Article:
I overlooked an important detail regarding one of our recent assignments — to pick from a list of films, watch them with an eye toward the principles learned in the MKE, and write about them in my blog. Somehow, I missed the blogging part.
Lucky you — there will be two blogs from me this week!
Anyway, I watched two movies last weekend. Both were illustrations of human will and the refusal to conform to the expectations of others and abandon dreams — even in the face of difficult if not overwhelming odds.
My favorite was October Sky. It reminded me of my childhood and the influence newsreels about jet pilots and astronauts had on me. I wanted to fly and thought sure I would. Homer lived his dream, I did not.
Homer was a high school kid in a coal town. His prospects of getting away from that life were slim to none. Without the athletic prowess of his brother or academic excellence worthy of a scholarship, the odds were that he would stay in the company town, live in a company house, and one way or another, die from the company mine.
Unless the mine played out first, then there would be nothing.
But the Russians launched Sputnik. The spark that ignited the rocket taking Sputnik into orbit ignited Homer’s inspiration — his Definite Major Purpose. The story unfolds in classic fashion, but it’s not a fairytale.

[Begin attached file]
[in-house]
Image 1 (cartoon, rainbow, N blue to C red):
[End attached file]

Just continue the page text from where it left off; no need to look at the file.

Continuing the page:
Homer assembled a merry band of rocketeers — a Mastermind Alliance of his two pals and the school nerd. With little support from anyone other than their science teacher, the dream was to win the National Science Fair and get scholarships — a Plan Of Action. They overcame a staggering learning curve and built rockets that rather than explode, would fly. Problems they couldn’t solve on their own they managed to find the needed expertise for — other Masterminds. They stood firm against antagonism and threats from family and authorities. Whatever it took, they would find a way. A Positive Mental Attitude.
Then, a dark hour appears. The boys are accused of starting a fire with an errant rocket and Homer’s dad gets injured in a mining accident. Play with rockets, go to jail. Who will take care of the family? Homer must choose.
The pressure to conform is too great and Homer quits school and goes to work in the mine and for the first time in his life receives approval from his father.
Alas, Homer’s desire is too great. The boys set out to prove their rocket was not the cause of the fire. Homer stands firm against his father and refuses to return to the mine. The die is cast.
In the end, the boys win the National Science fair, all four are awarded scholarships and Homer goes on to work with NASA.
As surely as the Law of Gravity pulls us earthward, Persistence combined with a Definite Major Purpose, Positive Mental Attitude, Plan Of Action, and Mastermind Alliance allows us to soar.